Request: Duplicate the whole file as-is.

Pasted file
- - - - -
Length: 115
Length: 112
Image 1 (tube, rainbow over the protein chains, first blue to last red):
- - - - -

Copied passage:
Length: 115
Length: 112
Image 1 (tube, rainbow over the protein chains, first blue to last red):